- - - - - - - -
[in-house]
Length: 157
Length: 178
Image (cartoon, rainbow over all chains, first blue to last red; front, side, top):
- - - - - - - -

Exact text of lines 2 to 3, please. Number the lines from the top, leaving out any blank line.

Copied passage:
Length: 157
Length: 178